But the passengers’ spending power (and absence of baggage weight limits) is definitely a boon for local suppliers, especially when the goods for sale are representative of the region, like cigars. “Cruise ship passengers and tourists play the leading role in the consumption of Habanos products in travel retail,” says Addis de la Fuente, international travel retail supervisor for the renowned Cuban cigar maker. “Even when the Habanos cigars are not available onboard, cruise passengers can easily buy them once they arrive at port.”
Habanos has positioned its stores to be “unavoidable” for cruise ship passengers. Examples are the La Casa del Habano store and Cigar Emporium in Aruba; the cigar shop Cave Sheaper in Barbados; the Little Holland shop in Curaçao; and two La Casa del Habano outlets in St Martin (Guadeloupe) and St Maarten (Netherlands). Other stores are present in the Bahamas, Bermuda and Martinique, and go as far as Grand Cayman, south of Cuba, with both a La Casa del Habano store and a Churchill Cigars Shop.
Caribbean Cigars Corporation, based in Curaçao, is the exclusive distributor for Habanos cigars through a regional network of specialised cigar shops including five La Casa del Habano shops. The cigar business is flourishing over the years in this region, and at present Habanos market share is around 90% of the total premium cigars sales in the region.
For other suppliers it is the onboard shopping that really makes the difference. Charles Pelegrin, vice president of Bijoux Terner, says that the cruise ship business is the company’s number one sales channel. On board 144 ships worldwide, and growing, Bijoux Terner has found the perfect clientele among the Caribbean holiday cruisers.
In the winter season, up to 80% of the cruise lines travel to the region, including the major lines like Carnival, Royal Caribbean, Holland America and Norwegian Caribbean. “The average sale on these cruises is of 5 to 6 items per passenger,” says Pelegrin. “It is huge!”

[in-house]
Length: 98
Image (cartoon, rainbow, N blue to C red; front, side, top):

Among the best-selling items, number one is watches, followed by bags (both travel and evening) and sunglasses. More Bijoux Terner boutiques are then available on shore at all the main Caribbean ports, such as the Dominican Republic, Puerto Rico, Barbados (with six shops) and Curaçao, to name just a few. But Pelegrin says that here customers are mixed, and not necessarily cruise ship passengers, as the on-board shops are becoming bigger and better supplied everyday.
“We have been onboard cruise lines since January 2001, and our partner is Starboard Cruise Services. At first we had limited retail space, but the passengers’ response was such that soon we were allotted more floor space, and this trend is growing on board of all the cruises where we are present.”
Pelegrin explains that recently a Celebrity Cruise ship closed down a fashion boutique to allow space for Bijoux Terner. Given the recent trend for ships to become bigger and bigger, that can only bode well for suppliers of fashion accessories, essential as they are for life on a cruise ship.
Retailers need to adapt to more activity at the smaller end of the market as well – examples include Windstar Cruises’ luxury voyages on motor/sailing yachts to some of the less frequently visited destinations. Purveying to this select clientele is a natural extension for operators in the exclusive environment of duty free.